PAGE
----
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Engineer reflects on citys rapid growth

Mike McKillip looks ahead at Tualatin with the perspective of 30-plus years


As Tualatin heads into its centennial year, The Times checks in with some of the city’s longest-serving city leaders and department heads, each of whom spent more than 30 years promoting Tualatin’s development.

When he retired, Mike McKillip had logged 32 years as Tualatin’s city engineer. He’s one of many in what he referred to as the “20-, 30-year club” — city employees who enjoyed more than two decades of service, and who have retired in the past five years.

Part of the charm of serving Tualatin, McKillip said, was that the young city was a kind of blank slate for those who approached its development in the mid-’70s to early-’80s. McKillip himself grew up in the Hollywood neighborhood of Portland, so his move to Tualatin in the late 1970s was not a geographically significant one. Culturally, however, he was placing himself in an influential position in a town on the brink of near-exponential development.

“When I first got here, the first two traffic signals at the I-5 interchange off-ramps had just gone in,” he recalled. “The apartments just up the hill there were just completing. There was nothing on the other side of 65th (Avenue) except for the hospital, which was about a quarter of the size that it is now. The city going west stopped at Teton (Avenue).”

“I think the reason so many of us stayed so long is, every day was a new day. There were never two projects that were the same,” McKillip explained.

“I can’t think of anywhere else that had that kind of opportunity,” he added.

Starting on the brink

McKillip joined Tualatin’s team after spending a few years working for the Oregon Department of Transportation straight out of college. Working for such a large organization meant he often felt stuck on one aspect of a project, “whereas if you work for a smaller city, why, you could just do everything. From conception to the operation of (projects),” he said.

What made these projects all the more exciting was the lack of old infrastructure in Tualatin. The core of the young city was, McKillip recalls, essentially brand new.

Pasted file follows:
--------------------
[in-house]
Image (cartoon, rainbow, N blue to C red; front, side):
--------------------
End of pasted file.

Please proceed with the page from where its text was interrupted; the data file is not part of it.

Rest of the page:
With the establishment of Tualatin’s urban growth boundary in 1978, it became clear the city would quickly fill up with new residential and commercial developments. As city engineer, McKillip oversaw the Engineering and Building Department, giving him a front row seat to Tualatin’s quick population growth. He and his department were tasked with reviewing subdivision and construction plans, reviewing building permit requests, managing consultants and juggling the intricacies of anything related to engineering and transportation, down to the water and sewer infrastructures.

McKillip chuckles as he recalls local reactions to the booming growth.

“When we were approving a couple subdivisions a month, we would have people show up and complain that the growth was out of control,” he said. “But they were living in the subdivision that was just approved six months before.”

McKillip saw Tualatin sign its long-term contract with the Portland Water District, an agreement that continues to this day. Though it’s easy to take for granted, McKillip points out this significant rite of passage for the then-up-and-coming Tualatin: the simple victory of guaranteeing the city would never run out of such an essential resource.

Looking ahead

While he feels the city’s development is on track, he regrets the 2010 decision by Tualatin’s Central Renewal District to stop collecting tax revenue. In McKillip’s opinion, this changed the city’s direction, specifically regarding downtown development.

“You don’t have the money to put into the new projects, or work with people on joint projects,” he said.

McKillip has lunch once a month with other members of the “20- and 30-year club,” including former director of operations Dan Boss, former director of human resources Nancy McDonald, former city attorney Brenda Braden and recently retired office coordinator Carol Rutherford, just to name a few.

The group meets at Applebee’s and rarely talks shop.

Looking back on his long, eventful career as city engineer, McKillip has few regrets.

“I got to do it for 32 years, and we got to do things that nobody else is ever going to get to do,” he said. “And it’s somebody else’s turn.”




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